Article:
PRISM Brain Mapping – Behavior Adaptability Tool India

PRISM and psychometric instruments stem from two different sciences and direct comparison is akin to comparing apples and oranges; they have some factors in common, but also some very fundamental differences.

Neuroscience based behavior adaptability test in IndiaNeuroscience is highly complex and its terminology is often difficult to comprehend. In essence, PRISM Brain Mapping’s goal is to make this complex information as practical and as easy to understand as possible. It is about enabling people with no neuroscientific background to understand and use some of the latest discoveries of brain science in their personal and business lives. In fact, neuroscience will only be truly useful in business if it can be understood by those using it.

To facilitate understanding, PRISM uses colours to illustrate the behaviour preferences. Although the PRISM model is a metaphor for brain functioning, the PRISM maps represent the dynamic interaction that takes place within the brain and is based on the principle that no one part of the brain does solely one thing and no one part of the brain acts alone. All our thoughts, emotions and actions are the results of many parts of the brain acting together.

‘Plasticity’ is the neuroscience term for the brain’s ability to change. At one time, it was believed and widely taught, that the adult brain could not change once a certain level of development had occurred. This ‘cradle to the grave’ approach taken by many traditional psychometric tests is now impossible to sustain in the light of neuroscience discoveries. Your brain is physically different today from how it was yesterday. That difference results from the effect of yesterday’s and today’s experiences, as well as the thoughts and feelings that you have entertained during the past 24 hours.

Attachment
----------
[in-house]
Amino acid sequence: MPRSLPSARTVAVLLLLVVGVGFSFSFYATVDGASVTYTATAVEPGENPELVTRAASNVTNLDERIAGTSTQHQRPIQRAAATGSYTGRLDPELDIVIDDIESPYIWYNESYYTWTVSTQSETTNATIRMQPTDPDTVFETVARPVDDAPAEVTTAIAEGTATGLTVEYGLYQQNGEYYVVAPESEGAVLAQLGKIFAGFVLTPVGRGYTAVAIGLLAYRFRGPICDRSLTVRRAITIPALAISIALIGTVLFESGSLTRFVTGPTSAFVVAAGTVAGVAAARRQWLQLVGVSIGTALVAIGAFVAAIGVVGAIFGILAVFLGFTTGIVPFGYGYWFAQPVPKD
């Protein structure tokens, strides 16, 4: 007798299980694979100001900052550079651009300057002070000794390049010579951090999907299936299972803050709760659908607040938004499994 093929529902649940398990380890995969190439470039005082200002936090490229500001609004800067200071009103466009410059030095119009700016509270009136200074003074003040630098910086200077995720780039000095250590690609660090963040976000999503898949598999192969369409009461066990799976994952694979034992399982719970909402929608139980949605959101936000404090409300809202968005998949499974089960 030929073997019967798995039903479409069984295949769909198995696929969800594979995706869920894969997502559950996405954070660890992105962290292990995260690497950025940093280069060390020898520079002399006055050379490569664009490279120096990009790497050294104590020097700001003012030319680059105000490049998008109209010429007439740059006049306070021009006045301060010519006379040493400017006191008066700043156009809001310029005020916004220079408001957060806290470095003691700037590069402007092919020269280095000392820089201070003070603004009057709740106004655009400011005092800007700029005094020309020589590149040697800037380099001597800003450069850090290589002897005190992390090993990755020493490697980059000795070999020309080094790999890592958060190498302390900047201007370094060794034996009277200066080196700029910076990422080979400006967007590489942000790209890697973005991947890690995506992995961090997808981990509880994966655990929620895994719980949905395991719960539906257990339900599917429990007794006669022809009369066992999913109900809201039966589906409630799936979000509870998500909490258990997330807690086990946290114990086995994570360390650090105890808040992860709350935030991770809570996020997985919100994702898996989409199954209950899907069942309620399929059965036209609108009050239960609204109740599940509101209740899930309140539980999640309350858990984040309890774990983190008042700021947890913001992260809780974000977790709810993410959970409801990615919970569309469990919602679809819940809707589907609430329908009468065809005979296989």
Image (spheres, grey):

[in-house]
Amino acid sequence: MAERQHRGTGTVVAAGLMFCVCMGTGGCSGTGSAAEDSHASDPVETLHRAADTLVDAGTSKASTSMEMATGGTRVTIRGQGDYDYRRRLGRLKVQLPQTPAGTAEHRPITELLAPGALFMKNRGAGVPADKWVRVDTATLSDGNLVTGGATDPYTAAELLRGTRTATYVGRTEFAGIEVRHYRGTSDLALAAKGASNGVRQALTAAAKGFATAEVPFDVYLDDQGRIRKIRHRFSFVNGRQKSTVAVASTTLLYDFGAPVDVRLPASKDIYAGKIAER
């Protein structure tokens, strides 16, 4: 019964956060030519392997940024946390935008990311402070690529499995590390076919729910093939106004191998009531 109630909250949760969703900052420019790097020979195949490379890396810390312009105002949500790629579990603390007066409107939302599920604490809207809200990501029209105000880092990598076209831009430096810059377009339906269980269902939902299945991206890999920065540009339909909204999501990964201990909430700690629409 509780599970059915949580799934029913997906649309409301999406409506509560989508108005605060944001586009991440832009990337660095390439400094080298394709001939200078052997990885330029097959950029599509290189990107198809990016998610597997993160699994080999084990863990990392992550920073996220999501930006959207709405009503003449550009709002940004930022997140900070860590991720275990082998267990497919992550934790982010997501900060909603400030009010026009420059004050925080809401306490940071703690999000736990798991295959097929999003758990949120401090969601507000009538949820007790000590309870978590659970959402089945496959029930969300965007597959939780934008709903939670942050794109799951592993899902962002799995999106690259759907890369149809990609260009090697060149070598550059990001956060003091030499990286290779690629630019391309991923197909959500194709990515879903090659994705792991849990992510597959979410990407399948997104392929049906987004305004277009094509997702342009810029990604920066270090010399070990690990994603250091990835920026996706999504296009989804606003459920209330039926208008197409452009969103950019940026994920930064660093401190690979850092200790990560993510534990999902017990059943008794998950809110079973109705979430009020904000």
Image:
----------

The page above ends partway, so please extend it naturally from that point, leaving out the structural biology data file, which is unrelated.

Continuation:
Adapting behaviour

Brain research has shown that people function best when they are able to make the most of their natural preferences and abilities. Adapting behaviour is the extent to which the person feels it necessary to modify their natural behavioural preferences on occasions when dealing with day-to-day life e.g. when they are at work. By comparing how the person prefers to behave and the extent to which he or she sometimes modifies that behaviour, the PRISM system can calculate how the person consistently tends to behave most of the time.

Dichotomous profiling

The inadequacies of dichotomous (contradictory) views of behaviour have long been recognized. Despite the best intentions of test publishers, many psychological instruments are used to describe people in terms of “either/or” e.g. Introvert v Extrovert. PRISM shows that human behaviour is not “either/or” and that people can, and do, exhibit opposite behaviours. For example, the way in which people behave at home is often very different from the way they behave at work.

Highly Reliable

PRISM has been subject of previous validity studies in in 2003, 2006-2007. The latest validity study in 2014 was designed to ensure PRISM is not culturally biased in favour of particular ethnic groups over others. The main focus of that study was to examine the factor structure and reliability of PRISM scales across a range of ethnic groups.

Click here to read the Validity Report.

Internal consistencies for the four colours

Factor Cronbach’s alpha
Red .942
Green .925
Gold .936
Blue .925

Internal consistencies for the eight sub-scales

Factor Cronbach’s alpha
Red – Focusing .926
Red – Delivering .896
Green – Innovating .918
Green – Initiating .862
Blue – Supporting .887
Blue – Coordinating .881
Gold – Evaluating .860
Gold – Finishing .912

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